The Omicron variant has placed further strain on staffing too.
The long-running Lorne Pier to Pub ocean swim was canceled this week, partly due to the number of available volunteers, while in Melbourne, the Collingwood Leisure Center temporarily closed due to staffing shortages.
“It is the perfect storm of circumstances,” says Greaves.
Out at Noble Park’s aquatic center in the city’s south-east, YMCA’s area manager Scott Bryant and center manager Michael Zeman are juggling another day of trying to fill holes in rosters.
Noble Park Aquatic Center manager Michael Zeman and area manager Scott Bryant.Credit:Tammy Mills
Zeman says the center lost half of its lifeguards during the pandemic, while Bryant adds the number of staff in isolation has been just about doubling every day from 40 to 80 at some sites.
“It’s increasingly difficult to staff the facilities,” Bryant says.
“The safety of our staff and our patrons is our number one priority…managing the logistics around that, yeah, it’s been challenging.”
Longer term, Bryant says the YMCA was trying to attract more lifeguards and instructors through referrals to friends and family, while advertising through schools, universities and local media.
With pay rates typically starting at $28 an hour for a casual instructor mid-week, the YMCA and Life Saving Victoria are targeting different demographics too, such as retirees or those re-entering the workforce who can’t work full-time.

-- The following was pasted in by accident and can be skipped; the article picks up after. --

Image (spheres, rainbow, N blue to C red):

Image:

Though there’s been a strain on staff, Bryant says the parents need to book children in for lessons, even if there’s a wait list.
“The confidence levels in our children is very low, which is concerning going into a hot summer, so the key message for families is to make this a priority,” he said.
Sas McNamara at Portsea back beach earlier this week.Credit:Wayne Taylor
Zeman says the regression has been noticeable. During one school swimming carnival his center hosted before Christmas, lifeguards had to perform 15 rescues.
Life Saving Victoria has rescued more people this year as well, with 225 rescues undertaken over the past six months, a 24 per cent increase on the same period last year. Only 37 of those rescues were between the flags.
At Portsea’s back beach on a welcomed overcast and quieter day, the Mornington Peninsula’s chief lifeguard Sas McNamara, 24, cannot put a number on the rescues she’s performed. There’s just too many.
One that sticks in her mind is the mass rescue of up to eight children, some of whom who were younger than 10, who were swept out to sea when the sandbank they were standing on suddenly collapsed.
The group were swimming between the flags, but their parents were nowhere nearby, she said.
“A big one is to constantly and actively supervise children around the water. It’s so imperative. If you can’t see your child, that’s a child in danger,” McNamara says.
“Swim at a controlled location, and stick between the flags. If we can’t see you, we can’t help you.”
To find your nearest patrolled beach, go to beachsafe.org.au.